Tim and Linda Hawkins are among Toluca Lake’s oldest residents, having lived in their Sancola Avenue home for the past 60 years. “When we moved here, we were very young, and now, we are the most senior people in our neighborhood,” Linda remarks. They are also some of the most involved members of the community. The Hawkinses have earnestly dedicated themselves to its betterment for a large part of their lives, volunteering countless hours to various organizations to help make the neighborhood a comfortable, safe and fun place to live, not only for the benefit of their family, but for their neighbors, friends and future generations of Tolucans.
Tim and Linda met growing up as next-door neighbors in Atwater Village, where they were raised by families who were deeply invested in the community and always volunteered whenever they could. They attended different area schools — Linda went to Glenfeliz Boulevard Elementary, Washington Irving Jr. High and John Marshall High; Tim went to Atwater Avenue Elementary, Our Mother of Good Counsel School and Notre Dame High — but remained close throughout their youth. “We were basically childhood sweethearts in high school,” Tim says, sharing that they started going to Bob’s Big Boy at 16 when they were dating.
Their relationship endured after graduation, when Tim enlisted in the Marine Corps. He served as a helicopter crew chief and was honorably discharged after four years at the rank of sergeant. He and Linda married soon after in 1960 and moved to Glendale. During the four years they lived there, they focused on their careers; Linda was a legal secretary with the L.A. City Attorney’s Office, and Tim attended Glendale Community College and L.A. Trade Tech for a career in the elevator industry.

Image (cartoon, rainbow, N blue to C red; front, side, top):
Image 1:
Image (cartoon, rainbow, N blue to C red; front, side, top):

In 1963, after looking for homes in many areas, they relocated to Toluca Lake, purchasing their property for $25,000 (which was a lot of money at the time, Tim notes). “It was a lovely small community with easy access to work and close to our family and relatives,” Linda says of what drew them to the neighborhood. “When we moved here, there were many restaurants, such as Alfonse’s, the China Trader, Sorrentino’s, Kings Arms, Barone’s and the Smoke House — most of which are gone now, much to our disappointment,” Tim adds.
Two years later, they welcomed their son, Tom. As he got older, the Hawkinses, in a nod to their parents, began to get involved in their new community by volunteering to support their son’s many youth activities. “We wanted our son to know what it was like to be involved in all the different things — he was in Indian Guides, Cub Scouts and Little League — and so, we just followed, volunteering in each of the things he did,” Linda explains. “And it was important just for the upbringing of a child.”
Linda became a member of the Toluca Lake Elementary School PTA and, after her son graduated, was hired on as the school’s librarian, a position she held for 40 years before retiring about four years ago. “It was a wonderful job. I felt like, in a sense, I was volunteering … and I still go back and I volunteer there now. My son, I think, appreciated the fact that we did all of that,” she says, noting that all the teachers knew their family.
Through volunteering, the Hawkinses forged strong bonds and lasting connections with their neighbors. “We have very dear friends of ours who we met through all our volunteer stuff, and they’re still friends of ours, and we still do things with them. And that’s very important,” says Tim, sharing that he and neighbor Byron Hayes bonded through taking their children backpacking. “We ended up doing the John Muir Trail and still walk once a week.”